Warning: The following story contains language that may offend some readers.
TORONTO -- Former U.S. Secretary of State Hillary Clinton tweeted a crude, parody letter mocking U.S. President Donald Trump’s letter to Turkey’s president.
On Sunday, with the caption “found in the archives,” she tweeted a fake letter which then-U.S. president John F. Kennedy wrote to then-Premier of the Soviet Union Nikita Khrushchev during the Cuban Missile Crisis in the 1960s.
The former Democratic presidential nominee’s parody letter opened with: “Dear Premier Khrushchev, don’t be a dick, OK? Get your missiles out of Cuba.”
Everybody will say, ‘yay! Khrushchev! You’re the best! But if you don’t, everybody will be like ‘what an asshole’ and call your garbage country ‘The Soviet Bunion,’” it goes on to read. “You’re really busting my nuts here.”
The date for the parody letter – Oct. 16, 1962 – makes it appear to have been written on the day that missiles capable of reaching U.S. soil were discovered in Cuba.
Clinton's letter is almost a direct copy of one shown during a monologue earlier this week by late night host Jimmy Kimmel -- but with one difference. While Kimmel's version was censored, Clinton's is not.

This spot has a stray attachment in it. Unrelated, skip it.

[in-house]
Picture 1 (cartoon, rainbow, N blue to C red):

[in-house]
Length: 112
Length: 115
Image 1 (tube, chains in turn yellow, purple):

The strange way the parody letter was written was clearly no coincidence, as it echoes the tone of the widely-panned letter Trump sent to Turkish President Recep Tayyip Erdogan over his decision to invade Syria earlier this month. When the Oct. 9 letter was made public, Trump's unconventional approach to diplomacy was evident throughout.
In Trump’s letter, the president told Turkey’s leader, “don’t be a tough guy. Don’t be a fool!”
He also added "don't let the world down” before mentioning that the Kurds were willing to negotiate and "make concessions that they never would have made in the past."
The effectiveness of Trump’s letter is arguably in question as “Turkish presidential sources” told the BBC that Erdogan received the letter and “thoroughly rejected it and put it in the bin.”
At the time of publication, Trump had not responded to the parody letter.